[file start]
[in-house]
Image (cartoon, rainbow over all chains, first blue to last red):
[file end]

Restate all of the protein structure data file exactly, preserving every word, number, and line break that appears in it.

[in-house]
Image (cartoon, rainbow over all chains, first blue to last red):